Ontario College faculty are voting on a strike mandate today and tomorrow, as OPSEU and the College Employer Council remain at an impasse – not over wages and benefits, but over IP rights and partnerships that license curriculum to for-profit partners. The CEC outlines the outstanding differences over marking workload, stability for part-time faculty, EDI, dental benefits, and more. (It’s obviously one-sided, dismissing OPSEU’s position on IP as “not aligning with the Copyright Act” and its workload proposal as “usurping work from the joint workload taskforce” which CEC is proposing, but which doesn’t yet exist.) Faculty at all 24 public colleges could walk out next month, but first OPSEU says they would consider work-to-rule. The union favours binding arbitration, while the CEC has proposed “voluntary binding final offer selection interest arbitration.” (Expect things to get messy.) CTV | London Free Press | CEC
Concordia U Edmonton
Faculty at Concordia U of Edmonton could be “the first in Alberta to go on strike” after a Dec 1 strike vote was 90% in favour. (Faculty collective bargaining in Alberta was only recognized under the Labour Relations Code in 2017.) The biggest issues at CUE include job security, IP, and a “highly unusual” change in workload: increasing research expectations without reducing teaching loads accordingly. CUE has filed a bad faith bargaining complaint with the Alberta Labour Relations Board, arguing that negotiations “have only begun bargaining a fraction of the 41 total articles in the collective agreement.” CUEFA could call a strike anytime within 120 days, but the university also has approval to lock them out. (Some observers believe that uAlberta, uLethbridge, and Mount Royal U could also be heading toward strike mandates.) CBC | CTV | CUE
I can’t very well send you into the weekend with that bleak pile of news, now can I?
Worldwide, higher ed institutions are releasing their holiday greeting videos, and already I’ve collected 88 on my 2021 Holiday Videos playlist. (Do let me know if I’ve missed yours!) Sometime next week I hope to curate my annual roundup of the best of those videos, but if you desperately need a pick-me-up, you can take a look yourself now.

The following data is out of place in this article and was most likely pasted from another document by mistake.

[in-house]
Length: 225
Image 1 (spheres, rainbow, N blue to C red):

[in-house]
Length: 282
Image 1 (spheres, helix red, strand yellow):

Meanwhile, here’s 2 CdnPSE examples to whet your appetite…
Sugar-Plum Stress Balls
uToronto Engineering student groups collaborated on this 2-min video set to Tchaikovsky’s “Dance of the Sugar Plum Fairies.” A bright blue stress ball bounces across campus to the music, intercepted by various students, chased by a squirrel, airlifted by a drone, bandied about by robots, and ultimately caught by Engineering dean Christopher Yip. YouTube
’Twas the First Day of Classes
uWaterloo Environment dean Jean Andrey has participated in many memorable videos over the years, and this year’s 4-min holiday greeting sets her review of the year’s accomplishments to the classic poetic style of Clement Moore’s “Visit from St Nicholas.” As she sits on a Zoom call in fuzzy slippers, Andrey talks to UW faculty (in rhyming couplets!) about their accomplishments in this “strangest of years,” faced with a “Grinch of a virus.” (It’s much stickier, and more fun, than most annual review videos! Kudos to writer/producer Dheana Ramsay, the Faculty’s senior alumni advancement officer.) YouTube
As always, thanks for reading!
Have a great weekend – and if you’re heading off for your holidays, I hope they’re peaceful, joyful, safe and above all restorative! We’ve all had a trying, turbulent 20 months, and it looks like we’re going to need all the strength we can muster for January 2022!
Stay safe and be well,